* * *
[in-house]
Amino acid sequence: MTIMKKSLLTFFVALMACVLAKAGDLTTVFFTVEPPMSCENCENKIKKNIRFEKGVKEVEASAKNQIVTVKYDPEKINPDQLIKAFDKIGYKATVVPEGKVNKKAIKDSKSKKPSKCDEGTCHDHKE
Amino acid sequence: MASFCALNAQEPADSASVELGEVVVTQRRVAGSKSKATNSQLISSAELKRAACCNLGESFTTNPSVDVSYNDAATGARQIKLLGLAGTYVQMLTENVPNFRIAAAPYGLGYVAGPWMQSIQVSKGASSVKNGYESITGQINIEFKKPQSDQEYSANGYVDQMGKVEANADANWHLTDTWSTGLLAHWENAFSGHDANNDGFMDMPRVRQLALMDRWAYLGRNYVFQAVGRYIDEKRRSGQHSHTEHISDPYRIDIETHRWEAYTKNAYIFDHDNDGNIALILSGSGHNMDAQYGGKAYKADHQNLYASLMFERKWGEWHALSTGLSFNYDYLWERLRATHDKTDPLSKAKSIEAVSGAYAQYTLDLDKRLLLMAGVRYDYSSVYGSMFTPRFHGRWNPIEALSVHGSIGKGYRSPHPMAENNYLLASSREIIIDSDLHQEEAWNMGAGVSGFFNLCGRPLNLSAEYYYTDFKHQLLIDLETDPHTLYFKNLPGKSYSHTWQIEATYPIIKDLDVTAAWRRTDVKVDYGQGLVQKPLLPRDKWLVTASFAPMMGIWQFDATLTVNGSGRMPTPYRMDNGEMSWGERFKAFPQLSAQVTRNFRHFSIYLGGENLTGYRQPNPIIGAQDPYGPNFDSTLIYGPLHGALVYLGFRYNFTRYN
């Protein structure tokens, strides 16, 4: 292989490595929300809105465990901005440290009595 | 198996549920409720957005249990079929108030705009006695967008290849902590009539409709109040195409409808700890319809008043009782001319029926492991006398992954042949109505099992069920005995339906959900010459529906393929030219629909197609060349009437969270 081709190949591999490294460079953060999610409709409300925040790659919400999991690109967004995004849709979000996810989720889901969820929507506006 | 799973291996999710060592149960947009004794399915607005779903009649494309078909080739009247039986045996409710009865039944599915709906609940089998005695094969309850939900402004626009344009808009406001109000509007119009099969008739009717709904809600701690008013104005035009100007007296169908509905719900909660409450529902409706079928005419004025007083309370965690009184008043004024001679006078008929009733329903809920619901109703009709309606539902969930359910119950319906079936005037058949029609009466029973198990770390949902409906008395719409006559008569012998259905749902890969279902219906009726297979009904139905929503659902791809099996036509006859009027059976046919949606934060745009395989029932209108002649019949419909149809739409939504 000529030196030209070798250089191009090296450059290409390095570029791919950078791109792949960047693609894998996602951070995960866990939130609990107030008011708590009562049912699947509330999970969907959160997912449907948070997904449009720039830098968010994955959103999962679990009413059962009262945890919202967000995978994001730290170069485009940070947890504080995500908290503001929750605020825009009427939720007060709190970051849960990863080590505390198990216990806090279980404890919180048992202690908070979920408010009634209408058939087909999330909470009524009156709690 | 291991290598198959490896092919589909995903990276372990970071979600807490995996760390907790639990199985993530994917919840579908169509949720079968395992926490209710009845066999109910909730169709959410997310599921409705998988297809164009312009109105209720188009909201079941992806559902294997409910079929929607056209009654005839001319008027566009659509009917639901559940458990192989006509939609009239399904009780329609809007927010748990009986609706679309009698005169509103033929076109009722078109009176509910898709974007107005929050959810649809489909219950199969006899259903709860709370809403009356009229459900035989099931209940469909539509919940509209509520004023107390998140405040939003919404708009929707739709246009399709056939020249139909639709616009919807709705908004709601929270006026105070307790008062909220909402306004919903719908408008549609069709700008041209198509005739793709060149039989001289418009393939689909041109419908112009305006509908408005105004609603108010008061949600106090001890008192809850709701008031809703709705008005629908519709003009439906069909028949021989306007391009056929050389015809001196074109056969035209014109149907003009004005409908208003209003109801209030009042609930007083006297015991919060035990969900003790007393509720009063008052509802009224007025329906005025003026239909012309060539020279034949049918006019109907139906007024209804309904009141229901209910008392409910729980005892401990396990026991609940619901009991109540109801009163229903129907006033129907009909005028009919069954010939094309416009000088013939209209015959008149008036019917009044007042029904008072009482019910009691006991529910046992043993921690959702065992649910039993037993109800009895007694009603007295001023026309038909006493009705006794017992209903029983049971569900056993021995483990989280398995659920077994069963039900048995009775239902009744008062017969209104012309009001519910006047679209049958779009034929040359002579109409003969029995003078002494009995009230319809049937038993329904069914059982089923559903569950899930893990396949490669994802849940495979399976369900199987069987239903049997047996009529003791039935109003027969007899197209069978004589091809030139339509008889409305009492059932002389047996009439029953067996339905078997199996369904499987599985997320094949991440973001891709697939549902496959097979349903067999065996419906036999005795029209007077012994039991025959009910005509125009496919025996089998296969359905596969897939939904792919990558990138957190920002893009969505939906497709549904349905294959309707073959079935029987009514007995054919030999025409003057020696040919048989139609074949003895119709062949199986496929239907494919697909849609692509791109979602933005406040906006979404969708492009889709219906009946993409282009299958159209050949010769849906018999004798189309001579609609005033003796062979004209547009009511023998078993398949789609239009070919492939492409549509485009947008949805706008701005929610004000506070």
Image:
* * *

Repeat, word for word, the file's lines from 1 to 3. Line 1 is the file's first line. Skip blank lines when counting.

[in-house]
Amino acid sequence: MTIMKKSLLTFFVALMACVLAKAGDLTTVFFTVEPPMSCENCENKIKKNIRFEKGVKEVEASAKNQIVTVKYDPEKINPDQLIKAFDKIGYKATVVPEGKVNKKAIKDSKSKKPSKCDEGTCHDHKE
Amino acid sequence: MASFCALNAQEPADSASVELGEVVVTQRRVAGSKSKATNSQLISSAELKRAACCNLGESFTTNPSVDVSYNDAATGARQIKLLGLAGTYVQMLTENVPNFRIAAAPYGLGYVAGPWMQSIQVSKGASSVKNGYESITGQINIEFKKPQSDQEYSANGYVDQMGKVEANADANWHLTDTWSTGLLAHWENAFSGHDANNDGFMDMPRVRQLALMDRWAYLGRNYVFQAVGRYIDEKRRSGQHSHTEHISDPYRIDIETHRWEAYTKNAYIFDHDNDGNIALILSGSGHNMDAQYGGKAYKADHQNLYASLMFERKWGEWHALSTGLSFNYDYLWERLRATHDKTDPLSKAKSIEAVSGAYAQYTLDLDKRLLLMAGVRYDYSSVYGSMFTPRFHGRWNPIEALSVHGSIGKGYRSPHPMAENNYLLASSREIIIDSDLHQEEAWNMGAGVSGFFNLCGRPLNLSAEYYYTDFKHQLLIDLETDPHTLYFKNLPGKSYSHTWQIEATYPIIKDLDVTAAWRRTDVKVDYGQGLVQKPLLPRDKWLVTASFAPMMGIWQFDATLTVNGSGRMPTPYRMDNGEMSWGERFKAFPQLSAQVTRNFRHFSIYLGGENLTGYRQPNPIIGAQDPYGPNFDSTLIYGPLHGALVYLGFRYNFTRYN